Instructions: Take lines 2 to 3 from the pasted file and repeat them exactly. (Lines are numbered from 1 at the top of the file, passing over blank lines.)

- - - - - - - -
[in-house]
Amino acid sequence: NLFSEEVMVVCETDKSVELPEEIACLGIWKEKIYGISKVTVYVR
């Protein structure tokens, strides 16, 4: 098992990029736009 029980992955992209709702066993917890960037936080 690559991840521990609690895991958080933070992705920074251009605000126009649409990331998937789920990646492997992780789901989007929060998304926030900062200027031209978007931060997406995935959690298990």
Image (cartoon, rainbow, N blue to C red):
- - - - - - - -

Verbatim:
Amino acid sequence: NLFSEEVMVVCETDKSVELPEEIACLGIWKEKIYGISKVTVYVR
């Protein structure tokens, strides 16, 4: 098992990029736009 029980992955992209709702066993917890960037936080 690559991840521990609690895991958080933070992705920074251009605000126009649409990331998937789920990646492997992780789901989007929060998304926030900062200027031209978007931060997406995935959690298990």